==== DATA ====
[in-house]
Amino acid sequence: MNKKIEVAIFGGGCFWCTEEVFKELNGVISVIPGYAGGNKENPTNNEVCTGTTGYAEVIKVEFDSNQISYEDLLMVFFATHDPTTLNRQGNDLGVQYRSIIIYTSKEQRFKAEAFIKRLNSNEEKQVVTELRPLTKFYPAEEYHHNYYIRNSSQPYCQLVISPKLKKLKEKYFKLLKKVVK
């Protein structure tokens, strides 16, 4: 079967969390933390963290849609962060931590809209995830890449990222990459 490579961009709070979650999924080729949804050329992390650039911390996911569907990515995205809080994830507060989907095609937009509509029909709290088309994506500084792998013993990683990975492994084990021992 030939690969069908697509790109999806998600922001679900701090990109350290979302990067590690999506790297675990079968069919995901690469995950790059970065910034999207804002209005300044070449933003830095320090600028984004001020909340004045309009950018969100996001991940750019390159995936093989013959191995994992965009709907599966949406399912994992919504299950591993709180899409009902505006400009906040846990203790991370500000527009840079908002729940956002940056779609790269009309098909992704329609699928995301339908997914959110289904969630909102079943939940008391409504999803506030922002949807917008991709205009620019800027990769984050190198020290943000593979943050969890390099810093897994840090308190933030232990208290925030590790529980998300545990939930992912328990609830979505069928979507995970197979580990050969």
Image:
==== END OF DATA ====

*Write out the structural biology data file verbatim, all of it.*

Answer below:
[in-house]
Amino acid sequence: MNKKIEVAIFGGGCFWCTEEVFKELNGVISVIPGYAGGNKENPTNNEVCTGTTGYAEVIKVEFDSNQISYEDLLMVFFATHDPTTLNRQGNDLGVQYRSIIIYTSKEQRFKAEAFIKRLNSNEEKQVVTELRPLTKFYPAEEYHHNYYIRNSSQPYCQLVISPKLKKLKEKYFKLLKKVVK
């Protein structure tokens, strides 16, 4: 079967969390933390963290849609962060931590809209995830890449990222990459 490579961009709070979650999924080729949804050329992390650039911390996911569907990515995205809080994830507060989907095609937009509509029909709290088309994506500084792998013993990683990975492994084990021992 030939690969069908697509790109999806998600922001679900701090990109350290979302990067590690999506790297675990079968069919995901690469995950790059970065910034999207804002209005300044070449933003830095320090600028984004001020909340004045309009950018969100996001991940750019390159995936093989013959191995994992965009709907599966949406399912994992919504299950591993709180899409009902505006400009906040846990203790991370500000527009840079908002729940956002940056779609790269009309098909992704329609699928995301339908997914959110289904969630909102079943939940008391409504999803506030922002949807917008991709205009620019800027990769984050190198020290943000593979943050969890390099810093897994840090308190933030232990208290925030590790529980998300545990939930992912328990609830979505069928979507995970197979580990050969």
Image: